Dear Chinese Banks Shareholders….

Without even a nice note to public share holders, Chinese banks are in the process of reversing years of progress and is reverting back to state banks in a planned economy.  Granted, socialism is the economic system of our time.  However, unlike elsewhere, the Chinese government, which is the majority shareholder of most of China’s […]

“Will job losses lead to social unrest?” My Take

Today, there was a note written by Wang Tao at UBS with the above title. The question is a crucial one today because bullish sentiment for China depends almost entirely on the Chinese government’s ability to prevent large scale social instability. The conclusion of the piece was that “large-scale unrest that threatens general social stability and overall investor confidence is unlikely.” The arguments sound quite reasonable:

Workers are angry; the (central) government pays

The Chinese press these days are filled with fascinating stories.  One story from Sina details what the Zhangmutou Township government in Dongguan had to do to placate some 7000 angry workers laid off by a toy factory without pay.  To placate the workers, the township government decided to pay the August, September, October wages of these workers along with over-time.  Fine, but anyone with cursory knowledge of Chinese public finance knows that cash strapped township governments with few revenue sources, even if they are located in prosperous Guangdong, do not have the means to pay this amount.  Some simple math: suppose each worker is paid USD 150 a month and overtime is 10% of total wage bill.  The township government would have to pay 150*3*7000 + 0.1 (150*3*7000), which is a whopping 3.5 million dollars (roughly 23.5 million RMB).   Of course, the Dongguan government has the means to pay this amount.  However, if we bear in mind that wage arrear is cropping up in all the townships of Dongguan, the Dongguan government is clearly facing an unmanageable problem.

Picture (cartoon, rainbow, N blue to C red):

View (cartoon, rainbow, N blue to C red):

Who is getting the money?

More details have emerged about the 4 trillion stimulus package that China has rolled out.  The main questions remain: who will get the money?  How will it be spent?  In a revealing article published the 21st Century Economic Herald (my favorite), reporter Wu Hongying gives a detailed account of how Chongqing (a provincial unit controlled […]

A Tour of the Stimulus Package and Beyond

A lot has been said about the 4 trillion RMB “stimulus package” already.  As a China specialist, I will just go over some details on how it is likely to be carried out and its implications.

First, a brief primer about state directed investment in China, the core of the forthcoming package.  Usually, the central government sets a ceiling on large fixed asset investment projects. If a local government wants to build a port somewhere, even if it is doing so entirely with its own money, it has to receive National Development and Reform Commission (NDRC) permission to do so.   If it is a state sponsored project, which means it is part of the five-year plan (yes, those still exist), a project can lobby the NDRC for central funding. However, even if that were the case, the majority of the financing typically comes from local government (or SOE) self-raised capital and bank loans.  Thus, the 4 trillion is not all central government money; the majority will come from local budget and bank loans.

Big Bad Banks are Back